In the ring Nietes can do it all and has evolved over he years. At his best he's a phenomenal counter puncher who can stand in the pocket, land laser like shots and make opponents pay for every mistake. At other times he's a frustrating guy to watch, who relies on his natural ability and sleep walks through fights, as he did in his first meeting with Moises Fuentes. In recent times he's not only been a sharp counter puncher but he's been one who has been making statements with 4 successive stoppages against decent Mexican opponents.
A big question regarding Nietes, and one of the few that will linger over his head going in to the future, is his age. He's already 33 and with 40 bouts, 274 rounds, on the clock he may find himself getting old over-night. He's not shown his age yet but we know fighters in the lower weights do age suddenly and Nietes may go from ultra-sharp to “on the slide” almost in a single fight.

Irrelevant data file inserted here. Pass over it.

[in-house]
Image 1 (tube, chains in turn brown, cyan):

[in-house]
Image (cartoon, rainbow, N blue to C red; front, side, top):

As for for the challenger, Rodriguez will be looking to build on a sensational 2014. He came from absolutely nowhere to be in the running for the hardcore fans Fighter of the Year as he unified both the WBO and IBF Minimumweight titles in stunning back-to-back performances and, were it not for a draw against Jomar Fajardo we'd have had no complaints with anyone voting for Rodriguez. The year saw him fight 4 times though he first came to our attention when he battered Merlito Sabillo to claim the WBO Minimumweight title just a few months later he over-came Katsunari Takayama to add the IBF title to his collection, in a bout later dubbed by many as the 2014 FOTY.
In the ring Rodriguez has had some mixed fortunes. At 105lbs he seemed to be really big and really strong with an aggressive attitude that saw him effectively fight as a bully. When he's fought at a higher weight, as he did in both in 2 fights with Fajardo, he has struggled to make his strength and power count. From those results it does seem like Fajardo isn't really ready to move up too high, though of course they were fought well above the Light Flyweight limit. At 108lbs he may well be more effective than he was against Faardo.